LASD Excessive Force Claims Continue Their Decline

The Los Angeles County Sheriff’s Department has come a long way since the scandalous tenure of Lee Baca. For the second year in a row, excessive force claims against LASD are down by a sizeable margin.

KPCC reports:

Claims plunged by 23 percent in the fiscal year that ended last June 30, falling from 643 to 491. The number was 781 in the fiscal year that ended in June 2015.

County Risk Manager Steve Robles attributed the decline to better practices at the Sheriff’s Department. For example, field commanders are now personally involved in developing plans to reduce excessive force and must present those plans to the board of supervisors and county risk managers, said Robles.

"I think you have more ownership now," he said.

Under the leadership of Sheriff Jim McDonnell, multiple facets of the department are involved in creating a “corrective action plan” whenever there is a legal claim, settlement, or jury verdict in the amount of $100,000 or more.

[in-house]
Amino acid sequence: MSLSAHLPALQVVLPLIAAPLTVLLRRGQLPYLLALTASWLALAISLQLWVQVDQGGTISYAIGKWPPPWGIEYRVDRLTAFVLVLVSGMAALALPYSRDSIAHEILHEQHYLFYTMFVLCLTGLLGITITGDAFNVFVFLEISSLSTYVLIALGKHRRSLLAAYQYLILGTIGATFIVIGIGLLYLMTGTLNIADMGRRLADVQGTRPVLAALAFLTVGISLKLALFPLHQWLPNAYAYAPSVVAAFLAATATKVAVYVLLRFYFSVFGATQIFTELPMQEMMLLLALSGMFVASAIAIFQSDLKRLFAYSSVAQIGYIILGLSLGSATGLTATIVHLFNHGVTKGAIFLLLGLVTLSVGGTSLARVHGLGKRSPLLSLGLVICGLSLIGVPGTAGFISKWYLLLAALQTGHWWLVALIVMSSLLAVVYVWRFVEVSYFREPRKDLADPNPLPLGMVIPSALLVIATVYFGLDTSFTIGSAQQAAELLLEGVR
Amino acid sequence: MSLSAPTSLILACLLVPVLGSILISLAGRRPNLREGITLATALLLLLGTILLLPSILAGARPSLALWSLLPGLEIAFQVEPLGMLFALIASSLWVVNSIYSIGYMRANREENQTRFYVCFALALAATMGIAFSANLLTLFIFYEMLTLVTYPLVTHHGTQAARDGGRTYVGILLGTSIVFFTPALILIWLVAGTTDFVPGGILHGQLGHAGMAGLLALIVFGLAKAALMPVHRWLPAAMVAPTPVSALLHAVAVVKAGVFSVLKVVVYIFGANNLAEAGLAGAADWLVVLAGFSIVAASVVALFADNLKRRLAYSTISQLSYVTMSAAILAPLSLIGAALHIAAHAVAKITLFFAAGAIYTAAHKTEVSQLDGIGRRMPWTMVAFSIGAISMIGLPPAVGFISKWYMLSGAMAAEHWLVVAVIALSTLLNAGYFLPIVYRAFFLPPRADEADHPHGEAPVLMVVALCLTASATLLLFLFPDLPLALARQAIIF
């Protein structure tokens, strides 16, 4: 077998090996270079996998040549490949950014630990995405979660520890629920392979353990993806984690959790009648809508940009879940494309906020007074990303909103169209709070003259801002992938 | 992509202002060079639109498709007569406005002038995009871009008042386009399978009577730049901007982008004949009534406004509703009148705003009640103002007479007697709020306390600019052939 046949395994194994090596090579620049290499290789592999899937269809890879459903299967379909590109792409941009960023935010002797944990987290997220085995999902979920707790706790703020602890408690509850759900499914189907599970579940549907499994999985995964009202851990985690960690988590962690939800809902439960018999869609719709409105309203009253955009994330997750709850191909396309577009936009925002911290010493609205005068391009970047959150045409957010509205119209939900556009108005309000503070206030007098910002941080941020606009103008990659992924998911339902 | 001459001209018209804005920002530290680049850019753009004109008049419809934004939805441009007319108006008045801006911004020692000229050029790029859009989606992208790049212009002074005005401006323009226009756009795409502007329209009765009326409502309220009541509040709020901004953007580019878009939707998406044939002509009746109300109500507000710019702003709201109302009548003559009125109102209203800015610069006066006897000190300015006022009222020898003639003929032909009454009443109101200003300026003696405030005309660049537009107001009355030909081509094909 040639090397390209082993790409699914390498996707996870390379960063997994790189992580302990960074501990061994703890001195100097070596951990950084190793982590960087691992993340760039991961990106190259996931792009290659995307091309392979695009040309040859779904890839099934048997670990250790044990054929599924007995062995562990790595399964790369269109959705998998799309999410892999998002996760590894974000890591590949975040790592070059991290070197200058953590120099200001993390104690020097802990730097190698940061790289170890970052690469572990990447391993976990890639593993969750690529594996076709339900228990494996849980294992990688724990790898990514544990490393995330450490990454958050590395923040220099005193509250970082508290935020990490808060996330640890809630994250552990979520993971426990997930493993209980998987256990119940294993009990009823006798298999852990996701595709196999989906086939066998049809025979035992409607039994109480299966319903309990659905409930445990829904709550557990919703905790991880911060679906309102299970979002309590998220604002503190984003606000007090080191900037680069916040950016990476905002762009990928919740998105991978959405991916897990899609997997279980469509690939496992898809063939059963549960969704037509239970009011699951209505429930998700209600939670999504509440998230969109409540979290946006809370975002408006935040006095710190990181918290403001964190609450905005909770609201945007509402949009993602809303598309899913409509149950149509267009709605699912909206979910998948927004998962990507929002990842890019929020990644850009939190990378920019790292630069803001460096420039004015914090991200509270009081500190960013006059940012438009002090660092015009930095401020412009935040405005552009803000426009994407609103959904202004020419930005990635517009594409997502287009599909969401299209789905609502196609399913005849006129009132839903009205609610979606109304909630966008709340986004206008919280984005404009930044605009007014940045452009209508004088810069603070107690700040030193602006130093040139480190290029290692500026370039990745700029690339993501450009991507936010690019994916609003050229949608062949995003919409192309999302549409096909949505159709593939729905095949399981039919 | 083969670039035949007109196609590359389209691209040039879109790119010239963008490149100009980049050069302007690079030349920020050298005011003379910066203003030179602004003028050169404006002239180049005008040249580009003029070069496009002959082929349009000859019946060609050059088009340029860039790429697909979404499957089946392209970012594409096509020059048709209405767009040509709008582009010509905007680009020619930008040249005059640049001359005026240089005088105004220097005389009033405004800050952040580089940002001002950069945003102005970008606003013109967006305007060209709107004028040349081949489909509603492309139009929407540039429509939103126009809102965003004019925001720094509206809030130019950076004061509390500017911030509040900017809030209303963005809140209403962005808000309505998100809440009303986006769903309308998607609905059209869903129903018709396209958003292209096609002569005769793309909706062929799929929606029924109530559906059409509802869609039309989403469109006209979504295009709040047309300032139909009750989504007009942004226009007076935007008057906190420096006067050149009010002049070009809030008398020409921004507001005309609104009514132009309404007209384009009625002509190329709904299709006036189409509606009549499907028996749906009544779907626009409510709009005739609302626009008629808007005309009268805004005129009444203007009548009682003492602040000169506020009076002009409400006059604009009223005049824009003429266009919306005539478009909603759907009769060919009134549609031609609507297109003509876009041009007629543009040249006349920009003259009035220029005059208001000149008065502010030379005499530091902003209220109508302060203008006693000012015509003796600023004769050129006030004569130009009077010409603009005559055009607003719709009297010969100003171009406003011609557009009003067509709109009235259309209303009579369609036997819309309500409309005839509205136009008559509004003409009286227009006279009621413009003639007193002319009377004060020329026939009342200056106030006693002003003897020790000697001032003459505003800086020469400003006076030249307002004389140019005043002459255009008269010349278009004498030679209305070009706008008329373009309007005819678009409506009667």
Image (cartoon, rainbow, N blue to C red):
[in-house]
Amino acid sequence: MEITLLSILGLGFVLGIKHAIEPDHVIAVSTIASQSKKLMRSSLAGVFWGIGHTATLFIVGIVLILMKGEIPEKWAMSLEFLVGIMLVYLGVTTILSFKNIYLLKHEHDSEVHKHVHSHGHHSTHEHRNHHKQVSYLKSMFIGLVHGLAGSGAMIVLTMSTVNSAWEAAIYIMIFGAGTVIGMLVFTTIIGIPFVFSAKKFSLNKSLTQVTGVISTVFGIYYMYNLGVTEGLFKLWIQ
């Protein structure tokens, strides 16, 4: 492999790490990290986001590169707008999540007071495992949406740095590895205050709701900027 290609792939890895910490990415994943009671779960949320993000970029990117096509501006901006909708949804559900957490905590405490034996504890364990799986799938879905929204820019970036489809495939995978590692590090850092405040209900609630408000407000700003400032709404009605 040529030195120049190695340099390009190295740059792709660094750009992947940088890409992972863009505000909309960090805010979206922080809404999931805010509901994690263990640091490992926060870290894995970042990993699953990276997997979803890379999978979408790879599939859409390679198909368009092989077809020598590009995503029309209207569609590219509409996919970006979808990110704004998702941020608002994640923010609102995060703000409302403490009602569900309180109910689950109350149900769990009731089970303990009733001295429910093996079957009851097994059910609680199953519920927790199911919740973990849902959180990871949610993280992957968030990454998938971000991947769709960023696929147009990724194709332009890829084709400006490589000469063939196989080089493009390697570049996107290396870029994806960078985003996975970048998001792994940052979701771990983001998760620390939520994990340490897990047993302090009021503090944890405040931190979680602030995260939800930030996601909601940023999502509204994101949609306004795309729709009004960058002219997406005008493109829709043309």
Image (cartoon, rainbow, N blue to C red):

"It’s a 100 percent departure" from days past when a single lieutenant from the department’s risk management bureau handled that responsibility, said Capt. Scott Johnson.

LASD reforms are a work in progress. Legal claims against the department still cost the county more than claims against any other county agency. Los Angeles spent $68 million settling lawsuits and verdicts against LASD last year.


Top Stories

Saturday, August 18, 2018 - 13:11

L.A. County has finally found the person it wants to head the nation’s oldest and largest public defender’s office.


Sunday, July 8, 2018 - 05:10

The American Civil Liberties Union is suing Riverside County over an early youth diversion program which it says ‘criminalizes’ normal acts of rebellion, sets children up to fail, and violates thei


Wednesday, August 15, 2018 - 01:56

California’s median home price topped $600,000 for the first time this year. According to the California Association of Realtors, housing affordability is now at a 10-year-low.


Wednesday, July 11, 2018 - 04:44

Kern County supervisors moved forward with a proposal Tuesday that could result in a one percent sales tax increase appearing on the November ballot. But they didn’t do so without complaint.